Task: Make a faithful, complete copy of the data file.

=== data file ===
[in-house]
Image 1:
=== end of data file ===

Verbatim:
[in-house]
Image 1: